Following completion of university medical education and the pre-requisite intern year, the majority of medical graduates decide to undertake specialist medical practice. In order to do this, they must complete a recognised medical specialty training program.
Training is provided through the specialist medical colleges, and in the case of general practice, through GPET. The training programs are accredited by the Australian Medical Council.
The Australian Medical Council is an independent national standards body for medical education and training. The Australian Medical Council acts as an external accreditation entity for the purposes of the Health Practitioner Regulation National Law. There is no single entry point to vocational training. Specialty training programs start in either the second or third postgraduate year, but not all who enter vocational training do so at the earliest opportunity.
To gain entry into a training program in their chosen specialty, individuals must succeed in a competitive selection process for a fixed number of accredited training positions (posts), or a place in an accredited facility or an accredited training program. The number of trainee positions offered is also dependent on the health services’ capacity to accept trainees.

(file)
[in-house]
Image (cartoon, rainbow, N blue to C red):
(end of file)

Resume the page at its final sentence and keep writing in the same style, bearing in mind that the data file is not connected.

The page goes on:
The management of vocational training varies across the states and territories. They work with the medical colleges to address particular challenges, such as improving trainee supervision in public hospitals, developing statewide training programs and addressing need for generalists or sub/super specialists. They also offer the training posts to be accredited.
Some specialist medical colleges differentiate their vocational training programs into basic and advanced components. Where required, basic training is the entry point for specialist training and must be completed before progressing to advanced training. Advanced specialist trainees then work in a series of training positions, in which they are supervised and mentored by appropriately qualified specialists. The combination of these training positions constitutes the individuals advanced training program.
Supervision of junior trainees (junior registrars) is usually undertaken by a specialist and/or a senior trainee (senior registrar) in association with a specialist. Over time, the registrar takes increasing responsibility for decision making about patient management and learns a wider range of practical skills.
Specialist vocational training was traditionally undertaken in teaching hospitals for most specialties, however, it is now undertaken across all public hospitals. A number of factors, including capacity constraints in the public hospital system and a recognition that training needs to better reflect where healthcare is delivered, has seen an expansion over the last few years of specialist training positions to private hospitals and community settings.
Most specialist colleges have both clinical and practical exams and the majority have an exit exam. A range of other in-training assessments of both a formative and summative nature are also conducted by some colleges, so that the full range of skills and behaviours, including communication, team work and other forms of professional behavior, can be assessed.